We don’t discuss basketball much around these parts, but as I am wont to do from time to time, I’m going to step outside of Baseball and discuss something that’s been on my mind the past few days. There has been a lot of talk the past few days that tonight brings to us the conclusion of Kobe’s farewell tour as well as his career. A lot of people are gushing over all of Bryant’s achievements. The awards he’s won, the championships, the difference he’s made in so many people’s lives.
In July of 2003 Kobe Bryant was charged with raping a young woman in Eagle, Colorado. The charges against Bryant, were he convicted, would have sent him to jail for a lengthy sentence, up to life in prison, potentially ending his basketball career. Remarkably, Bryant played throughout the 2003-04 basketball season, never missing a game for a team or league suspension relating to the rape charges.
Laker fans never booed Bryant during the season, indeed the first time he appeared on camera after the rape charges were filed, he was cheered wildly. Incredibly, Bryant’s jersey sales surged in the wake of his rape charges, climbing throughout the season as his trial date neared and more and more details leaked into the media.
The rape case was eventually dropped, because Bryant’s accuser refused to testify against Bryant. Not so coincidentally, Bryant settled a civil lawsuit with his accuser for an undisclosed amount of money. Kobe offered the following public apology.
“First, I want to apologize directly to the young woman involved in this incident. I want to apologize to her for my behavior that night and for the consequences she has suffered in the past year. Although this year has been incredibly difficult for me personally, I can only imagine the pain she has had to endure. I also want to apologize to her parents and family members, and to my family and friends and supporters, and to the citizens of Eagle, Colorado.
I also want to make it clear that I do not question the motives of this young woman. No money has been paid to this woman. She has agreed that this statement will not be used against me in the civil case. Although I truly believe this encounter between us was consensual, I recognize now that she did not and does not view this incident the same way I did. After months of reviewing discovery, listening to her attorney, and even her testimony in person, I now understand how she feels that she did not consent to this encounter.
I issue this statement today fully aware that while one part of this case ends today, another remains. I understand that the civil case against me will go forward. That part of this case will be decided by and between the parties directly involved in the incident and will no longer be a financial or emotional drain on the citizens of the state of Colorado.”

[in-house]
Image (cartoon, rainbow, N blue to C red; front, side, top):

Bryant repeatedly lied to investigators, claiming first that he did not have sex with the woman, he did not kiss or hug the woman, and that the woman came to his hotel room so that she could show him “where the bears come up to the window.” When he was caught in the lie, Bryant asked investigators if he could settle the case. This was before he was actually charged with anything. Asked why he wanted to settle, Bryant mentioned he didn’t want to have to deal with his wife getting upset. (That eventually cost Bryant a pretty large diamond ring.)
Police ultimately seized clothing in his hotel room that proved the woman was bleeding during the sex and took Bryant to another location to conduct a rape test on him. He would be charged with rape a few days later.
At one point late in the interview Bryant cuts off an investigator who has commented on the accuser being an attractive young woman.
“She wasn’t that attractive,” Bryant coldly responded.
Again, I’d encourage you to go read the entire 57 page document for yourself. It’s a quick read, but an interesting one. As you read the document ask yourself several questions, what if Kobe Bryant’s rape charges happened today? How much differently would it be treated by media and social media? Would Bryant be allowed to play for the Lakers with his charges pending? Should he be able to play? After apologizing and paying his alleged victim off would Bryant’s image recover as quickly as it has? And here’s a final question for you — as Bryant prepares to play his final game for the Lakers and continues his year long goodbye that has led to rampant and unfiltered adulation across the country, how come no other media outlet is even mentioning his rape charges?
So just keep all of this in mind tonight. When the media, the fans, and the celebrities all gather to celebrate the career of a once really great basketball player. When they talk of the 5 NBA titles, Two time Finals MVP, one time NBA MVP. When they talk of the 18 All-Star games, the scoring championships, the famous jump-shot. When they talk of his leadership and his locker room presence. When people get misty eyed and weep over the end of his career. Remember, that one night in Colorado when everyone is giving Bryant a standing ovation tonight. And while you are thinking of all that, think of the following statistics.
- Percentage of rapes not reported: 54 percent
- A woman’s chance of being raped in the U.S.: 1 in 5
- A woman’s chance of being raped in college: 1 in 4 or 5
- Low estimate of the number of women , according to the Department of Justice, raped every year: 300,000
- High estimate of the number of women raped, according to the CDC: 1.3 million
- Percentage of rapists who are never incarcerated: 97 perent
- Percentage of rapes that college students think are false claims: 50 percent
- Percentage of rapes that studies find are false claims: 2-8 percent